Advent, awakening, worship

Catching Up on Advent

“I am so, very behind.”

For many of us, this can become as constant of a mantra as, “I’m so busy,” or “I can’t believe it’s already Christmastime,” or “I have so much to do.”

When we say things over and over again, they tend to become true, even if they don’t start out that way.

Regardless, I feel behind. And this, in fact, is true as it relates to the Advent season. The second Sunday of Advent has come and gone, and I have yet to really enter into this time intentionally. Well, that is, until today. And I believe there is some purpose behind it.

Fr. Richard Rohr has written a wonderful little book called “Preparing for Christmas: Daily Meditations for Advent”. I highly recommend you get it on Amazon here. I decided to pick it up for the first time this morning and try to catch up on the readings. And I am glad I did, because it brought together my entire Sunday experience: all bound up in the word “Hope”.

It was this passage that got me.

‘Come, Lord Jesus,’ the Advent mantra, means that all of Christian history has to live out of a kind of deliberate emptiness, a kind of chosen non-fulfillment. Perfect fullness is always to come, and we do not need to demand it now…When we demand satisfaction of one another, when we demand any completion to history on our terms, when we demand that our anxiety or any dissatisfaction be taken away, saying as it were, “Why weren’t you this for me? Why didn’t life do that for me?” we are refusing to say, “Come, Lord Jesus.” We are refusing to hold out for the full picture that is always given by God. “Come, Lord Jesus” is a leap into the kind of freedom and surrender that is rightly called the virtue of hope. The theological virtue of hope is the patient and trustful willingness to live without closure, without resolution, and still be content and even happy because our Satisfaction is now at another level, and our Source is beyond ourselves…’Come, Lord Jesus’ is not a cry of desperation but an assured shout of cosmic hope.” (emphasis mine)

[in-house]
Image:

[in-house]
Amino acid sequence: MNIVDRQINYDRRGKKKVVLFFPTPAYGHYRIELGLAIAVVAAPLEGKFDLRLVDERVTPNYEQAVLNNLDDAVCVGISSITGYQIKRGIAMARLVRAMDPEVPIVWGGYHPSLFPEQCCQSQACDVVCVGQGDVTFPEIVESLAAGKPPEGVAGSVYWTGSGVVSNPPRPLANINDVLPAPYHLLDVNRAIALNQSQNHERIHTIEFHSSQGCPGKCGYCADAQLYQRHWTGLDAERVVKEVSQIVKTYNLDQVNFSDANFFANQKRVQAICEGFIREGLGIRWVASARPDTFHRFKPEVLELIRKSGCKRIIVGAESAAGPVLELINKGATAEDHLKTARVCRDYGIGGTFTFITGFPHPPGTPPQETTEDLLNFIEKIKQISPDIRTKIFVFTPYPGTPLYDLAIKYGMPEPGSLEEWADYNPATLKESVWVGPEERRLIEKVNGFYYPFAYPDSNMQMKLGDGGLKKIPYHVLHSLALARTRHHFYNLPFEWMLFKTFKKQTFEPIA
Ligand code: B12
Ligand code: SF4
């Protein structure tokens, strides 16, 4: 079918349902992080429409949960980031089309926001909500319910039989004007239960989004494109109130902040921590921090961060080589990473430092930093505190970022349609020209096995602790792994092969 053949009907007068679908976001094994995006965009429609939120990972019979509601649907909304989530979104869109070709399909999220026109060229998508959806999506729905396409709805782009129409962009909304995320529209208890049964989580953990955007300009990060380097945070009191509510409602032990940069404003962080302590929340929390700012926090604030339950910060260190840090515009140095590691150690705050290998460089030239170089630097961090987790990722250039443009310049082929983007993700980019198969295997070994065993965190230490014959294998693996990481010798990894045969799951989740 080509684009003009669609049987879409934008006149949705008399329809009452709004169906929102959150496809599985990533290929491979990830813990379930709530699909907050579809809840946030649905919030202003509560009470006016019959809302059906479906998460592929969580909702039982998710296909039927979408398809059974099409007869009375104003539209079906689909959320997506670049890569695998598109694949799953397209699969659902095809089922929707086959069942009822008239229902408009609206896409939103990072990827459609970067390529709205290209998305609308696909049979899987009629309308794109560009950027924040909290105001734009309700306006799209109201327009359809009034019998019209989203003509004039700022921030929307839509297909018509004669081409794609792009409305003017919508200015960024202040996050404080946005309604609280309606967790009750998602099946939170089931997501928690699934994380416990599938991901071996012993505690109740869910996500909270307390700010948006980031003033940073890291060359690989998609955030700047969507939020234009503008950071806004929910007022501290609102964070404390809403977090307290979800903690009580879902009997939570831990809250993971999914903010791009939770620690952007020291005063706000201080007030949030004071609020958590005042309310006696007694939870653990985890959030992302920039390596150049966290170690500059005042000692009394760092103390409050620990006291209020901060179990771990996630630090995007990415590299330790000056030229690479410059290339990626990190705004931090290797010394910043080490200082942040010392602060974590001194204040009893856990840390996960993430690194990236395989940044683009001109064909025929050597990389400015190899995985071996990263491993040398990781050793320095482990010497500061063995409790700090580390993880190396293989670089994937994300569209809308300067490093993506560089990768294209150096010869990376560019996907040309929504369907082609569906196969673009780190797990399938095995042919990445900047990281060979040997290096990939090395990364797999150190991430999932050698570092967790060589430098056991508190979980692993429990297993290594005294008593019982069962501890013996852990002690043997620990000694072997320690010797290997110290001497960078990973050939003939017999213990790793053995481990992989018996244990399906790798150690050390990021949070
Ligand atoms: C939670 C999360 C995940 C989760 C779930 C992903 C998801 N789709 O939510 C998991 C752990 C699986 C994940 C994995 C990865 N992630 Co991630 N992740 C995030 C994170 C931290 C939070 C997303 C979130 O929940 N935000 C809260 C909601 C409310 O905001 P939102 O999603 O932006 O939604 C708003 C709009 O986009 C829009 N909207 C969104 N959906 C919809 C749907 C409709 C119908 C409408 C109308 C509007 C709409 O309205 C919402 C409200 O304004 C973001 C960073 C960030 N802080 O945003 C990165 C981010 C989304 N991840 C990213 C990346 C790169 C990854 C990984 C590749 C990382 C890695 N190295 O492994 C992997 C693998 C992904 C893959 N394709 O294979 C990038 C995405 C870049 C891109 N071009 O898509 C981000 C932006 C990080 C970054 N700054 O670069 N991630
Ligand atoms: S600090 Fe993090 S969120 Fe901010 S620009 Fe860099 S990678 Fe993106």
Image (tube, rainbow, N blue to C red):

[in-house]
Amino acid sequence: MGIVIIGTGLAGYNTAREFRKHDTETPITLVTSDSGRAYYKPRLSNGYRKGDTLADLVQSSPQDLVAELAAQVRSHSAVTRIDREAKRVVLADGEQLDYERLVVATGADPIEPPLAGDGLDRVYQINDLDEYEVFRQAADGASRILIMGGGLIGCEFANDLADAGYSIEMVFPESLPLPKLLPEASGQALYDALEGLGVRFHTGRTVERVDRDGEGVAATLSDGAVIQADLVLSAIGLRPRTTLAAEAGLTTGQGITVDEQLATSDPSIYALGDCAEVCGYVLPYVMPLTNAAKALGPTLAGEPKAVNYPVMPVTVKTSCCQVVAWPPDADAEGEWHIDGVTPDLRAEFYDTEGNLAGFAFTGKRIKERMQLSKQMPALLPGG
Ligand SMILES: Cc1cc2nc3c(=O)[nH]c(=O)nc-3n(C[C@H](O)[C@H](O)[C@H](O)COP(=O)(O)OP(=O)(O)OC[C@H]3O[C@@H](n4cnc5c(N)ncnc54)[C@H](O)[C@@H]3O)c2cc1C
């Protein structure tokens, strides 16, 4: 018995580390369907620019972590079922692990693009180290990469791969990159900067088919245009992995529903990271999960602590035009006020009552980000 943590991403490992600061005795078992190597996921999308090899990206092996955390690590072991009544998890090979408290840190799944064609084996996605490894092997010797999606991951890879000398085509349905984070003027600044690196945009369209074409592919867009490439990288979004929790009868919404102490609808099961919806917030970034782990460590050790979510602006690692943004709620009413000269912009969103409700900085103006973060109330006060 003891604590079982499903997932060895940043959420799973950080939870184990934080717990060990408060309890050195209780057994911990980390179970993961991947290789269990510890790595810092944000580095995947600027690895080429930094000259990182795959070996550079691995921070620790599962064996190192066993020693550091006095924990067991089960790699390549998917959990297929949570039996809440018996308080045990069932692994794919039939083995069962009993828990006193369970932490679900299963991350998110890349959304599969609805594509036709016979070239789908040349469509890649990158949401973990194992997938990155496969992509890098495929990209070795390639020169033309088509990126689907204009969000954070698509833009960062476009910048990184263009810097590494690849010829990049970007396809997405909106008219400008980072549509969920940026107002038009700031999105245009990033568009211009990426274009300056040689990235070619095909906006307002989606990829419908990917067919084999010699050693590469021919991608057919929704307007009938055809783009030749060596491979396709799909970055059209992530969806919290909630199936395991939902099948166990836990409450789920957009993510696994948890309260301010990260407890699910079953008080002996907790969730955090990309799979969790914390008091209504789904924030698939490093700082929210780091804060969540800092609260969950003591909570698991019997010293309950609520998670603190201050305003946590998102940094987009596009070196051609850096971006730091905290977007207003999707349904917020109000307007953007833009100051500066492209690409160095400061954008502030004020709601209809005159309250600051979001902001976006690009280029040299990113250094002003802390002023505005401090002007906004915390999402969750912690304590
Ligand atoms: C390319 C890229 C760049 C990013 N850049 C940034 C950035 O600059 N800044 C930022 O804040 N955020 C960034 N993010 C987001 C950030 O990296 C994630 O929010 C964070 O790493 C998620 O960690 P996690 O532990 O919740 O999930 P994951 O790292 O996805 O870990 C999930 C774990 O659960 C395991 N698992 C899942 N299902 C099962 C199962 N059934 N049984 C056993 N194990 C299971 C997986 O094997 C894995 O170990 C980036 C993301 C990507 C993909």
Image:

So, here’s to learning contentment in the midst our unresolved, fragmented, and often confusing lives.

What does it look like for you to hold to hope?

I encourage you to also read Jeremiah 33:14-16 and Luke 1:5-25.

awakening, church, city, Musings, Suffering

Suffering | Two Quotes

I’ve had some conversations with friends about the concept of suffering. This is a great mental exercise until you actually have to go through it, and then…well…it’s pretty terrible.
I would love your thoughts or experiences on this issue as it relates to the following quotes:
Two quotes:
The first is from a very conservative professor that I had. He said some pretty quotable stuff (i.e. at the end of class, he said the following: “‎If God spares the United States of America, he will have to apologize to Sodom and Gomorrah. Be safe.”)–but that’s not the quote I want to focus on…it’s this:
If you have never shaken your fist at the sky, do not covet the experience; it will come. Never look into the eyes of someone suffering and say “God has a reason” or “Someday you will understand”. Both are lies. It is a grave invitation to offer comfort that is not true. The Lord comforts those who are in pain, but he does not do it through deception. The answer to human suffering is that there are no answers. We are not going to understand. The result of living in a fallen world where everyone dies.”
And the second:
“The truth that many people never understand, until it is too late, is that the more you try to avoid suffering the more you suffer because smaller and more insignificant things begin to torture you in proportion to your fear of being hurt.”
— Thomas Merton
awakening, Musings

Why I Had to Kill Netflix

I had to kill Netflix.


2 words: Battlestar Galactica.

Now, before you go being all anti-sci-fi judgy on me, hear me out.

Battlestar Galactica is one of the best sci-fi series I have ever seen. And I have seen a lot. It has a great social-commentary subtext to it that I really enjoyed. And I kept wanting to see more episodes.

And that’s the problem. It sucked me in. And rather than me having a Lost-like addiction which went on for years, I was able to watch the entire catalog of the Battlestar re-boot in a matter of weeks. Which meant there were some days that it was all I did (seriously, all I did). It was like this episode of Portlandia. (this is hauntingly close!)

And it was killing me. Because I was totally wasting my time. And it wasn’t filling at all.

Because I have learned something about what does fill me: creating. I feel most alive and most filled when I am making something: writing, making music, planning something…it fills me up.

So all the time that I should have been using to create, to write, to use my gifts…I was using to find out who was a cylon-robot.

Now, I sometimes feel fullness when I am appreciating what is created. But..not as much. Which is why I am not compelled to tell all of you to do the same thing I did with Netflix (and other reasons, like..I’m not your dad). My personality is different. Some of you can watch an episode of Downtown Abbey and not have to watch the entire season. I can’t.

So, I pray that you are able to find those things that fill you and stay away from things that you think will, but won’t at all.

Proverbs 14:12 “There is a way that appears to be right, but in the end it leads to death.” 

Sometimes you have to kill something before it kills you.